Day At The Track

Bob 'Hollywood' Heyden recipient of award

02:13 PM 21 Sep 2011 NZST
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Bob “Hollywood” Heyden
Bob “Hollywood” Heyden

Phil Pines was a Hall of Famer in every sense of the word. Upon his passing a few years ago, in order to perpetuate his memory, the Monticello-Goshen Chapter has named an award in his honor and this season Bob Heyden will be the recipient of that prestigious harness racing award when the scribes hold their 53rd Annual Banquet on Sunday evening October 30th at Monticello Casino and Raceway.

Bob “Hollywood” Heyden is a walking encyclopedia of harness racing and when anyone involved in the industry wants the statistics, or needs the facts, the one person they can turn to is “Hollywood”

His style is certainly different than Phil Pines’ and so is his demeanor, for that matter. But what Hollywood can convey is reminiscent of what the industry could attain from the late Phil Pines, who was a dynamic writer, statistician, and longtime Director of the Harness Racing Museum and Hall of Fame.

Bob Heyden has been an analyst and statistician at the Meadowlands Racetrack and had been a fan of the Big M since its opening in 1976. He is very highly regarded by industry workers and fans alike for his dazzling and encyclopedic knowledge of the horses and records of racing. He is a commentator on telecasts from the Meadowlands, and a columnist, since 1985, for the Canadian Sportsman magazine.

Although best known for his work at the Big M, Heyden’s reach is global. He is the go-to guy for many media members or outlets looking for statistical information and off-beat notes and stories. He is generous with both his knowledge and his time.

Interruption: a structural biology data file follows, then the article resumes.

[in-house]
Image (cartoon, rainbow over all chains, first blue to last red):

Bob Heyden was born in New York City and lived in the Bronx until he was four. His family, which includes his older brother, Jim and younger sister, Diane moved to Spring Valley, NY when Heyden was five, then the family moved to River Vale, NJ when he was 12.

An athletic kid who grew a foot from 5’4” to 6’4” in high school, Heyden says he was able to dunk a basketball before Shaquille O’Neal was born.

Heyden, who has never been married and has no children, moved to River Edge, NJ when he was 31.

Hollywood professes to be a lifelong bachelor, whose motto on the matter is, “Why ruin a good thing?” Perhaps this cavalier attitude along with his stylish couture partly explains the Hollywood nickname former Meadowlands assistant program director Al Krascewski dubbed him with in the 1980s.

Besides the ladies, comedy is another of his passions. In Grade Eight at Holdrum School in River Vale, Heyden was named co-class clown along with Bill Maher, who went on to host ABC’s late-night TV show, Politically Incorrect. “My job is similar to that of a comedian — if you know what’s coming it’s not funny,” he says.

Hollywood went to his first harness race at Yonkers when he was 16, and soon developed a “keen interest in the behind the scenes workings of harness racing.” While attending Rutgers University in the mid-seventies Heyden met Steve Katz who helped him get his first industry job in 1983 as a charter for the harness racing publication, Sports Eye. A Meadowlands patron “from day one,” Heyden was hired by the East Rutherford, NJ track as a statistician/historian/handicapper in October of 1984. He’s been coming up with oddball Meadowlands facts and sharing his knowledge with TV audiences ever since.

He quotes Meadowlands lore as effortlessly as an evangelist quotes scripture. His hope is that by sharing his passion for both the Big M and harness racing he will convert as many people as possible.

During his career, Heyden has been a recipient of the Dan Patch Award from Harness Tracks of America (in 2003) and the Clyde Hirt Memorial Media Award from Harness Horsemen’s International (2005). He wrote and hosted the Broadcasters Award winning salute to the late Stanley Dancer (2006). Heyden has also been honored with an USHWA President’s Award for his overall excellence in presenting the various fascinations of the harness racing game.

And soon the Communicator’s Hall of Fame will be part of the Heyden legacy.


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